UK Coal Phaseout to be introduced with dangerous loopholes and delays

Fos-y-Fran opencast coal mine, Merthyr Tydfyl, Wales, Photo: Caradog Llywelyn

Biofuelwatch briefing about the UK Government’s coal phaseout decision announced in January 2018.

“The Government announced in 2015 that it seeks to end coal burning for electricity within a decade, albeit only if “ a shift to new gas can be achieved within these timescales”. It has now published its plan on how to achieve this: from October 2025, coal power stations will have to close unless their CO2 emissions are no higher than 450 kg/MWh at any time. By comparison, CO2 emissions from power stations that only burn coal are above 900 kg/ MWh. A coal phaseout is well overdue in the UK, and it is regrettable that the Government seeks to continue subsidising coal power until 2025, when, without subsidies, it might come to an end much sooner.

However, there are two serious concerns about the Government’s decision even beyond 2025: firstly, power stations can continue to burn coal indefinitely, as long as they co-fire at leastn54% biomass in each unit. This is based on flawed carbon accounting for biomass, using a methodology which ignores carbon emissions from burning biomass as most of those associated with logging and which has been denounced by hundreds of scientists worldwide. Whether companies can afford to co-fire that much biomass with coal remains to be seen.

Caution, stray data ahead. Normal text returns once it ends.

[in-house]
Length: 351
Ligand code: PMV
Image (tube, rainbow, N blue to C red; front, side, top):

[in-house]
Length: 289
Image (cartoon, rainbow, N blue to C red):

The second serious problem, however, is that the Secretary of State will be given powers to suspend the coal phaseout until such time as significant new gas power capacity has been built. It seems little coincidence that four of the companies operating coal power stations (Drax, RWE, Eggborough Power and SSE) have recently drawn up plans for major new gas power plants/units, ones which they are unlikely to afford without new or much higher
subsidies for gas. They will now be in a position to tell the Government that without such subsidies, the coal phaseout cannot go ahead.

The UK needs to urgently stop burning coal, and this needs to be part of a move away from fossil fuels and other high-carbon forms of energy, especially biomass electricity. Making a coal phaseout contingent on an expansion of gas burning will play into the hands of frackers and move us further away from avoiding the worst impacts of climate change.

Finally, a coal phaseout must mean an end to coal mining, yet new destructive coal mines are proposed in the UK and the Government has so far failed to legislate against them.”

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